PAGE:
Alice Cooper's posse doing a (sold-out) pre-show at Moondog's
When most high-profile rock bands arrive in a city, they often sequester themselves in a hotel or on the band bus until show time.
Not guitarist Ryan Roxie and the rest of the members of Alice Cooper's backing band, who prefer to mingle with fans before concerts. On Aug. 31, the band will play a show at Moondog's in Blawnox prior to its appearance at KeyBank Pavilion in Burgettstown the next day.
“It's a great way to spend your time before the show,” says Roxie, who also will participate in an International Rock and Roll Parking Lot meet-and-greet before the KeyBank show on Sept. 1. “A lot of people think it's so crazy backstage, but to be honest, it's quiet and tame before a show. … I like the opportunity of the Rock and Roll Parking Lots to go out and shake some hands, feel people's energy, sign some things, take some pictures and really get pumped up for the show.”
The pre-concert events are the brainchild of Paul Unger, a fan from Martinsburg, Blair County. Roxie had been in the habit of greeting fans before shows, but Unger took it to another level, with the first true International Rock and Roll Parking Lot in 2013 before Cooper's show at Stage AE on Pittsburgh's North Shore, drawing a few hundred fans.
“Ryan would usually go to a club across the street and sometimes there were only two or three people there,” Unger says.
For the Stage AE event, Unger used a large umbrella as a marker for fellow fans. Now there are stage-sized props, including a 14-foot-tall guillotine and an electric chair, that serve as rallying points. Roxie and his band have gone from greeting a handful of fans to hundreds.
“I know how special and dedicated our fans are,” Roxie says. “I would say Paul Unger is the Navy SEAL of those guys. He's like Special Forces when it comes to being a supportive force for us. Paul and I have known each other for years and he's always carried the torch for rock ‘n' roll and supported my music.”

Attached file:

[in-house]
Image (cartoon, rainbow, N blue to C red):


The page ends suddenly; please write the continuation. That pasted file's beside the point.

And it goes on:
Roxie's main gig since 1996 — save for a six-year period between 2006 and 2012 — has been with Cooper, although he also finds time to front his own bands, including Roxie 77. He's aware that he's in a fortunate position.
“I get to ride the coattails of success with a living legend,” Roxie says. “I will say there's not a day that goes by that I don't pinch myself and say, how did you get in this position and how can we keep it going one more year, one more year, one more year.”
Roxie's experience with Cooper during the tours is 24/7. They not only ride the tour bus together, but also indulge in one of Cooper's passions outside of rock ‘n' roll.
“We golf together every morning,” he says. “So many times during our drives to and from golf courses we're listening to Little Steven's Underground Garage and singing old Beatles and Rolling Stones songs at the top of our lungs. If I actually stopped for a second, I would think how surreal it is, but it's just another day in the life of playing guitar for Alice Cooper, which I'm thankful for.”
Rege Behe is a Tribune-Review contributing writer.